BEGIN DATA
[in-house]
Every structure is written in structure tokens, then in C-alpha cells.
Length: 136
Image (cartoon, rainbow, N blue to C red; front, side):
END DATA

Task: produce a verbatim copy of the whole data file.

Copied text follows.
[in-house]
Every structure is written in structure tokens, then in C-alpha cells.
Length: 136
Image (cartoon, rainbow, N blue to C red; front, side):